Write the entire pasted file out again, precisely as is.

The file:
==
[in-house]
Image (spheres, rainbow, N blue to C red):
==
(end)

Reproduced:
[in-house]
Image (spheres, rainbow, N blue to C red):